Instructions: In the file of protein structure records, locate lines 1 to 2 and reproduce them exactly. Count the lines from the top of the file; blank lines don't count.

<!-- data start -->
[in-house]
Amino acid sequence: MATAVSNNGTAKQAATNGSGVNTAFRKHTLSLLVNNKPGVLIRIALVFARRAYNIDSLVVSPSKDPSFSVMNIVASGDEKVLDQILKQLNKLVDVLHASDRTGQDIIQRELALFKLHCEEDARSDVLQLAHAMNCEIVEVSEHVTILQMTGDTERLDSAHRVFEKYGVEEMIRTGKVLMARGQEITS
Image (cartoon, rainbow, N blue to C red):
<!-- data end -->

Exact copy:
[in-house]
Amino acid sequence: MATAVSNNGTAKQAATNGSGVNTAFRKHTLSLLVNNKPGVLIRIALVFARRAYNIDSLVVSPSKDPSFSVMNIVASGDEKVLDQILKQLNKLVDVLHASDRTGQDIIQRELALFKLHCEEDARSDVLQLAHAMNCEIVEVSEHVTILQMTGDTERLDSAHRVFEKYGVEEMIRTGKVLMARGQEITS